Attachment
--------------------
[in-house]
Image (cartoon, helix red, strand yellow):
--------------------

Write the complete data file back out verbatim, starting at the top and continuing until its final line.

[in-house]
Image (cartoon, helix red, strand yellow):